REHAB: Well I would hope he does.
GIBSON: You think Obama would not run a secret prison?
REHAB: No, I donít think he would.
GIBSON: You think Obama would not waterboard Khalid Sheikh Mohammed?
REHAB: I donít think he would. I donít think most Americans who respect American values would.
GIBSON: Khalid Sheikh Mohammed revealed plans to attack the library tower in Los Angeles in the same way the twin towers were attacked. Three or four thousand people didnít die because he had some water dribbled in his nose and thatís a problem?
REHAB: Well let me ask you a question.
REHAB: If you can extract this information from him by having a crook rape his daughter would you do so?
GIBSON: Well no.
REHAB: Thank you. So you do have limits as well. Thatís good.
GIBSON: No but thatís the Saddam line in the sand. We donít have rape rooms. And we donítÖ
REHAB: We shouldnít have torture ones either. Thatís just as bad.
GIBSON: Well since when is waterboarding torture?
REHAB: Since before Cheney said it wasnít.
GIBSON: Well I mean look, the guy gave up information in a minute and a half. He was not harmed. I am for it and that doesnít mean that I am for rape rooms at all. Now, Ahmed who do you fear being elected?
GIBSON: Not McCain?
REHAB: No Giuliani more so. Giuliani to me is an extension of the policy mongering (unclear) and that whole culture weíve seen in the past few years.
GIBSON: Have you heard his new ad?
REHAB: I have.
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GIBSON: Whatís wrong with that Ahmed?
REHAB: Itís an apocalyptic Armageddon. Thereís always been danger in the world. This isnít new and so obviously every president has had to deal with danger. Heís not going to be the first one to do so. So itís interesting that heís trying to project this end of the world scenario that you know without me, danger and crisis is one step away. By the way, to my knowledge he didnít prevent 9/11 from happening in his city. He just responded to it well, which I appreciate, but I donít think he can take any credit for any type of anti-terrorist activity in the past. So I think heís just banking on that.
GIBSON: Now, Ahmed before we go, who do you think Osama Bin Laden wants to win tonight?
REHAB: (Laughing) I have no idea. I donít tend to mingle with the Bin Ladens of the world so your guess is as good as mine.
GIBSON: Itís just a projection of logic. I mean, for instance, my guess is he wants Ron Paul to win because Ron Paulís an isolationist and Bin Laden can have his way with the world and Ron Paul wonít care.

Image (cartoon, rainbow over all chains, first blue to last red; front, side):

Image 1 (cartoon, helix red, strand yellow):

REHAB: Alright fine. Since you asked the question Iíll do you and your audience a service of a response and Iím not being facetious or philosophical when I tell you that I honestly believe he would want a Giuliani to win because when Giuliani wins and our culture changes and our whole American way of life and the spirit of freedom changes and thereís fear that stifles our lives, that is when the Bin Ladens begin winning.
GIBSON: Ahmed have you ever been to New York?
REHAB: I go there every other week.
GIBSON: Whatís the problem?
REHAB: With what?
GIBSON: New York.
REHAB: Thereís no problem with New York that I see.
GIBSON: Giuliani made todayís New York.
REHAB: Well then Giuliani should run for mayor.
GIBSON: No, I mean thatís what we need in this country.
REHAB: Well New York does not have to deal with global affairs. New York is not going to declare war or deal with the war.
GIBSON: New Yorkís got a huge counterintelligence operation. Searches out terrorists.
REHAB: Itís not a state. I think you would agree itís not a state. Itís not run by a president.
GIBSON: Itís bigger then most of the states heís running in right now.
REHAB: It doesnít have the same apparatus. I donít think he is, itís just my personal opinion. Many Muslims may disagree. I donít speak for all Muslims. But I honestly think that the only reason why heís running is because of this newfound popularity that almost smacked him in the face and surprised him right after 9/11. I donít think he has any other credentials otherwise.
GIBSON: Ahmed Rehab thanks of CAIR, Council on American Islamic Relations. The last guy at CAIRíll talk to me. Ahmed thanks very much.